Facebook may have become a highly valuable source of evidence for courts, but at the same time it has also become quite a complication for the whole legal system. Social networking sites and the Internet in general make it very easy for jurors to learn more about those involved in the case. Such events could possibly compromise the final decision of the juror, and are thereby prohibited. Unfortunately, some people don’t follow the court’s rules, especially when there’s a pretty face involved.
Jacob Jock had been chosen for jury duty on a personal injury lawsuit despite his fervent hopes of being skipped. Bored with the proceedings, he went on to use his smart phone to see if he knew any of those who were involved in the case despite being implicitly warned by the judge against using the internet to research the case. During his search, he came upon the Facebook page of Violetta Milerman, the defendant who, as it turned out, was rather attractive. Not thinking that he would be chosen to actually serve on the jury, he sent the girl a friend request. However, when he really was chosen as a member of the jury, the girl went and told her attorney about the friend request. Jock was promptly dismissed from jury duty on the second day of the trial, effectively wasting the time of the court and all those involved.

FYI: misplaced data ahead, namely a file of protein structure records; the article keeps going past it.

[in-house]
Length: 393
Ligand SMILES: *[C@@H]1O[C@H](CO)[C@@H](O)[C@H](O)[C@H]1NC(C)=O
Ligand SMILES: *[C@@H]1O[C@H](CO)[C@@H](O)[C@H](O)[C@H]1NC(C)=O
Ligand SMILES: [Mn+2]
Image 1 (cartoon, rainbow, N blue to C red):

The judge admonished Jock for not heeding her instructions but Jock was not the least bit contrite. He immediately went on to his Facebook friends about getting dismissed from jury duty, saying “Score… I got dismissed!! Apparently they frown upon sending a friend request to the defendant… haha”.
A law has recently been passed inCaliforniathat seeks to impose some jail time on those jurors who have compromised a case by posting about it on the Internet. In fact, just last June, one woman was prosecuted for contempt of court because she tried to use Facebook to contact the defendant on a drug case. Jock’s posts did not really reveal much about the case, which was probably why he got off easy. His comments did not go unnoticed; however, and one attorney even said that Jock was very close to getting some jail time for his actions.